Many workplaces, despite their best efforts, are finding ‘unity’ in the workplace difficult. In fact, the more they try, the more disharmonious and divided the workplace becomes. Here are three mistakes I see my clients making when trying to bring unity:
1. Trying to address the wrong things for the wrong reasons
Unity is a journey that begins with diversity, passes through inclusion, and pauses at belonging before ending with true unity. However, Black and minority ethnic employees often find that their employers are stuck on this journey, measuring and supporting the wrong things.
Unity with constructive conflict can be the very thing that gives your company the competitive edge.
Let’s take a brief look at what these terms mean:
This is often viewed as a factual exercise and can lead to pride around having the ‘right’ data as well as a longing for the ease that quotas bring. To have diversity, in a literal sense, can be as meaningless as having a set number of ‘diverse’ individuals within the workplace (e.g. the number of women in a senior position, the number of Black and minority ethnic employees on the exec team, or the number of disabled employees).
The act of having ‘diversity’ does not in itself bring true diversity. For example, whilst the personal characteristics of the employees may be diverse, if they think the same way then diversity of thought is not achieved. Without diversity of thought the organisation cannot thrive.
Inclusion is often taken to mean that a company has an inclusive culture where all employees feel welcomed within the workplace. They are given opportunities to have their views heard and to have an impact on workplace cultures. Employers often feel that they are inclusive and welcoming, even though their Black and minority ethnic employees can feel like they do not belong. It is in this area of inclusion that employees may believe they are watching performative art and tokenism at play.
A sense of belonging is when an individual believes they can bring their whole self to work and not hide any aspect of their identity. For example, how many of your black female employees (especially those in management) feel comfortable to wear their natural hairstyles (afro) to work, with no concern that they will be viewed as less professional than their white colleagues?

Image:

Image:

Do not measure inclusion – strive for belongingness. Without traversing this Inclusive Unity Journey™ true unity in the workplace will be difficult to achieve and be accepted by all employees. All employers should look to enhance and enable belongingness as the first step towards real unity, providing the structural framework to support it.
2. Ignoring or dismissing employees lived experiences
There was an outpouring of grief, outrage and despair from the Black and minority ethnic community following the murder of George Floyd, which overspilled into UK workplaces. Employers were surprised by the depth of feeling displayed by members of their workforce who usually remained silent on their lived experience of everyday racism.
The post-traumatic stress experienced by the Black community at this time led to many people being unable to work for days, even weeks. And the stalled response from their employers left them considering the value of remaining at their current workplaces and their own intrinsic value. Especially whilst observing the speed that employers adapted to the Covid crisis, whilst bypassing their Black and minority ethnic employees’ own pain.
This was often made worse when their colleagues or employer refused to believe or acknowledge their trauma or asked them to educate the workplace. Often the Black employee’s lack of willingness to be vulnerable in the workplace was overlooked or ignored, and they were held responsible for initiating the change required to be undertaken by the organisation.
It wasn’t always safe for them to do so and could easily become a ‘career limiting experience’. Employees often expressed the opinion that it is hard to feel like you belong if you are only included when ‘black’ issues are being discussed.
3. Failure to recognise that unity often requires cultural change
Unity doesn’t take place by accident – it is something you have to plan. It requires the support of the senior team, acting in good faith and being prepared to do what is required to have a workplace that is supportive of inclusive leadership that leads to belongingness.
Once you recognise that culture change is necessary to bring forth unity you are able to ensure you consider the three aspects of the organisation that will need addressing:
Organisational – this will focus on vision and strategy
Team – this will focus on translating the vision and strategy into team responsibilities
Individual – this will focus on the individual’s concerns and aspects that affect them. For example, perceptions, fears, their role or behavioural changes
All good employers want unity that thrives on belonging, diversity of thinking and the ability to be authentically who you are in the workplace. It isn’t just good for employees, it’s good for customers and the bottom line.
Unity with constructive conflict can be the very thing that gives your company the competitive edge. Here are a few things to consider when you are taking the Inclusive Unity Journey™ and establishing a culture that allows unity to take hold and flourish:
Ensure that diversity of people, thought and ideas are considered in all aspects of working life (this encompasses the entire employee life cycle as well as how decisions are made)
The organisation has a structure and culture that enables inclusion to take place and ensures ‘managers of people’ are inclusive leaders
Build awareness and seek external support to enable change that considers the feelings and perceptions of all employees
Recognise that changing company culture takes time and settling for a quick fix without systemic change will ultimately lead to failure